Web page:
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Cocoa and Cows . . .

Paul was spontaneous this month and planned a “field trip” for us and our friends, Fran and Sarah. We left on a Friday afternoon and stopped half-way in La Fortuna for the night.

We had a yummy dinner, with gelato for dessert, then stayed overnight in one of the many hotels that Paul’s new company offers. It felt more like we were on a mini vacation, with gelato and a nice hotel involved!

The next morning we took a quick dip in the pool and hot tubs, before setting off for the other half of our drive. Of course we had to stop and load up on snacks – a drink, something salty, and something sweet. Lunch for a champion!

Champion sitter, that is.

In Costa Rica, this is considered a “short drive,” but in our minds, it was LONG. The roads are twisty and curvy and if you aren’t careful, you can get carsick very easily. πŸ₯΄πŸ€’

Thankfully our friends made it fun! We had some great laughs, while enjoying the smell of hand sanitizer. During the last 25 minutes of our drive, we had to take a bumpy, dirt road.

On this road we passed acres and acres of pineapple plantations, all owned by Dole. Did you know that Costa Rica supplies 90% of the pineapple to the United States? And they are the largest supplier of pineapple to the European Union. I actually didn’t know this. I always heard that Hawaii was the biggest supplier. I guess not any more. πŸ€·πŸ»β€β™€οΈ

When we arrived, we all stretched our legs and were instantly greeted by the kindest couple. They are the parents of one of the Primary Presidents I work with in my Stake. (Love you Melanie!!😘)

The couple welcomed us into their home and even offered to let us stay with them for the night. Now that is hospitality! Sadly we needed to drive back to Santa Barbara that night, but we were so thankful for the offer.

The husband immediately got us going on a tour of the property he manages, while his wife lovingly prepared an early dinner for us to share with them.

We loved learning all about the process of turning a cocoa fruit into cocoa “grains”. We were delighted to also see a beautiful river that runs next to the property.

We had so much fun taking pictures, while catching tiny frogs, we didn’t want to leave. Poor Curly Cook wanted to take a frog home. Sadly, I had to say no. I couldn’t let us kill a tiny frog, just for the sake of hopefully having another pet. 😩 🐸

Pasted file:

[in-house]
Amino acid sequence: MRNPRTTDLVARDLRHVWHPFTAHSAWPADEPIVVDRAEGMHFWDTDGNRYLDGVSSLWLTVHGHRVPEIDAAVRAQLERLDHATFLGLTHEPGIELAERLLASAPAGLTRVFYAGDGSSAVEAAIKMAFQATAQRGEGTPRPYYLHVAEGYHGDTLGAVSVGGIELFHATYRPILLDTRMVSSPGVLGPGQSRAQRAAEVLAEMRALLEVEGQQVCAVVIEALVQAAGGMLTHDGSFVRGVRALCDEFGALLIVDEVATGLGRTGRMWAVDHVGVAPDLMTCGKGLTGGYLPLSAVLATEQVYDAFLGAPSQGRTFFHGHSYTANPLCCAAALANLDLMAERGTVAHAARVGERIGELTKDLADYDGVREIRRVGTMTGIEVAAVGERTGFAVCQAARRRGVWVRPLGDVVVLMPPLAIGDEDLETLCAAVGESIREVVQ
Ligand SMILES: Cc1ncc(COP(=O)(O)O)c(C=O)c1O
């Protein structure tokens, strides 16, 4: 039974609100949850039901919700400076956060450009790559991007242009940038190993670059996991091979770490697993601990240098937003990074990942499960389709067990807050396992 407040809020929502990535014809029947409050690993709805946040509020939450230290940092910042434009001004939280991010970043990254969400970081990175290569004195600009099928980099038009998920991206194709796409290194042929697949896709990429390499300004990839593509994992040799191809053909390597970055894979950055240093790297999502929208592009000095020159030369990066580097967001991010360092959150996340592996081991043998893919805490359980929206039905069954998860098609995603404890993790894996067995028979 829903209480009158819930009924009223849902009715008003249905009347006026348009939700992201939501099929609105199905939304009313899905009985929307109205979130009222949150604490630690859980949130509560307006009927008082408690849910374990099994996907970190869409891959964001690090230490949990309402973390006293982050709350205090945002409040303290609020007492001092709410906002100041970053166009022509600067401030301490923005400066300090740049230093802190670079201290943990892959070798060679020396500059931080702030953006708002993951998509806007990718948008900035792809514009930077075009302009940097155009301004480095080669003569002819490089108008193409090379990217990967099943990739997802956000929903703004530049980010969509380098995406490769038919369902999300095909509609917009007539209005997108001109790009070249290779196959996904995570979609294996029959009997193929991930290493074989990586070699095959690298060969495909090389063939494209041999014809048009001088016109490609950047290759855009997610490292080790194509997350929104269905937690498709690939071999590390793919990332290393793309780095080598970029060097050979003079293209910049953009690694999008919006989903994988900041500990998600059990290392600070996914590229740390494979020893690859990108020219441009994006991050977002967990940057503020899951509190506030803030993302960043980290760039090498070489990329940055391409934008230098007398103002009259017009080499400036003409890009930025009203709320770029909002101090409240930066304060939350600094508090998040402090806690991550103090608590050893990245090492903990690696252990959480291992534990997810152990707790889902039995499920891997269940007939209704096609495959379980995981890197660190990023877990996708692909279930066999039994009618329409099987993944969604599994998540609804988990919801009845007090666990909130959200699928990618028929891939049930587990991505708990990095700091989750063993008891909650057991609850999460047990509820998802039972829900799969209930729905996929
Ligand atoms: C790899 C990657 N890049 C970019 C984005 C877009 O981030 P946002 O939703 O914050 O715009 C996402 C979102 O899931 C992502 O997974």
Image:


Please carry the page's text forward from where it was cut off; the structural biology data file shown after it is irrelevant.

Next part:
After a delicious lunch of stewed beef & lima beans, with rice and mashed yucca, we indulged in some chocolate made with the grains from the plantation. Can I say YUMMY πŸ˜‹πŸ« !!!

Then we loaded into the car to drive another 50 minutes to the dairy. While on our way, we drove by Buenos Aires. It made us think of Elder Whitchurch and how this was our first family trip without him. 😒

That’s okay. He has his own chocolate with him in Argentina. A chocolate orange. πŸ˜‰ Silly Elder!

FINALLY we arrived to the dairy and instantly the kids were drawn to 3 newborn calves. Each of them needed a name, so the 3 youngest kids named them: Princess (Curly Cook), Pepper (Joy Boy), Chesca (Fran πŸ˜‰).

After waiting for all the mama cows to be milked, everyone had fun roaming the dairy farm. There was so much to see and smell. πŸ€₯🀭. As well as a new kitten to play with.

Then it was our turn to give milking the cows a try.

It was a fun experience, but it did have some causalities. Several all over our clothes. 🀣🀣🀣 Thankfully it’s just chewed up grass. πŸ˜‰

Then it was time to feed the newborn calves. I think that was the favorite activity of the day!

We are so thankful to Paul for taking advantage of a genuine offer made by two kind and gracious people that we just met.

We had a WONDERFUL weekend together, with our friends, and now we have an even BIGGER appreciation for chocolate and milk. πŸ˜‰ (my favorite ice cream!)

Happy Wednesday,

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